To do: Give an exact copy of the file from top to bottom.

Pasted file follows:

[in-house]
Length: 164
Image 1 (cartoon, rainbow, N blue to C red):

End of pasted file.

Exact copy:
[in-house]
Length: 164
Image 1 (cartoon, rainbow, N blue to C red):